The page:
This article was first written for and published for The Roar.
Leading Seaman Shannon Evans grew up in Newcastle and has supported the Knights for as long as she can remember. With a couple of older cousins and a younger brother, weekends were spent going to the park and kicking the footy around.
It wasn’t until Shannon was 13 and asked to join the school team that she learnt that women could also play rugby league.
“That was my first real taste of ‘this could happen’, I was so excited and passionate about the opportunity to play,” Shannon said.
A lack of female competitions in her area saw Shannon briefly give the game away, but she returned as an 18-year-old playing for the Maitland Women’s team in Newcastle.
At age 19 she joined the Navy, looking for a career which required teamwork and fitness. As a Navy Physical Training Instructor she gets to spend her days ensuring her team is strong and performing at its best.
“The Navy, Army and Air Force offer career paths that value-adds to our game, our lives and our potential,” Shannon said.
Fellow ADF members Meg Ward and Talesha Quinn have progressed through the ADF rugby league pathway all the way to wearing the green and gold of their country.
These talented women have certainly inspired Shannon, particularly Meg, who she met at an ADF training camp last year.
“We were training and we dropped the ball a few times. We were up to our sixth set in a row on the line in training and I turned around and Meg, who was playing fullback, said ‘Yes how good is this, we get to defend again’. I thought ‘where did she come from?’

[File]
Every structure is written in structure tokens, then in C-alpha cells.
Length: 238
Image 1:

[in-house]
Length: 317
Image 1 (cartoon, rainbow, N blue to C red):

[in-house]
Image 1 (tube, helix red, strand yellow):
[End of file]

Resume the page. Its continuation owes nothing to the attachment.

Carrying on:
“She is such a kind, positive woman to be around and her motivation for the game, you see it on the field. Meg wears her heart on the field. I feel privileged not just to play alongside her but to call her a friend.”
Throughout the year the Navy, Army and Air Force teams play one another before the best players across all three Services are selected play in the ADF Rugby League team which competes in the National Championships.
It is also a career that enables competition with other nations. There are talks of a South Pacific tour coming up where the ADF team is hoping to travel to Fiji, Samoa and Tonga.
For Shannon, the most exciting part of being involved in rugby league is watching the next generation of young women coming through.
“I enjoy seeing the young girls,16, 17 and 18, who are coming through with so much raw talent and passion for the game. It is an exciting time to know the game will continue to grow,” she said.
“And to see so many little boys and girls hanging over the fence at the National Championships waiting to get photos and autographs is a positive indication of how things are changing.
“You see kids in the men’s game waiting for photos all the time and you expect it but to see that in the women’s game and to be on the field and see the supporters is an incredible feeling. The support means the world to the players.”
One of the biggest challenges for men and women who play elite sport, is the requirement to juggle work and sporting commitments. The ADF supports several members to manage their service obligations while enabling them to play the game they love.
“I have been in training camps where women have to travel and take leave,” Shannon said.
“I am very fortunate to have a career that supports me. We see a lot of females struggling to be able to juggle work/life balance but we are so supported by the ADF to do that.”